Homes now cost 7.6 times more than the average individual’s annual income, a new study has revealed.
The research, published by the Office for National Statistics (ONS), demonstrates the impact of inflation on affordability for the average worker.
The 7.6 figure has jumped from 7.2 times annual earnings in 2007, and 7.4 times annual earnings in 2015.
However, in light of Brexit and rock-bottom interest rates, experts suggest that now more than ever is the time to purchase a property.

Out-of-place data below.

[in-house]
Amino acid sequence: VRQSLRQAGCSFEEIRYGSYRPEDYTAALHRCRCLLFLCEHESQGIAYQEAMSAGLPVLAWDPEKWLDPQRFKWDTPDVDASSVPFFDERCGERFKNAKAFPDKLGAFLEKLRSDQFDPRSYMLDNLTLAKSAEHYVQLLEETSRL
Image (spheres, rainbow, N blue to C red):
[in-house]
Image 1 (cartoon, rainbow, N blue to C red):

This month the Bank of England confirmed that interest rates would remain at 0.25 per cent, but gave notice that they may rise in the near future.
David Hollingworth, of mortgage broker London & Country, said longer-term fixed mortgages to take advantage of low rates are becoming more common.
“Most people go for between two and five years, but the gap between five and 10-year rates has narrowed and that brings more people in for longer deals. Of course, that ties you in and that’s harder for people to come to terms with.”
“But rates won’t stay this low forever. With higher inflation, locking into a rate looks like the right thing to do. Can Bank Rate really go any lower? There’s very little upside in having a variable rate.”
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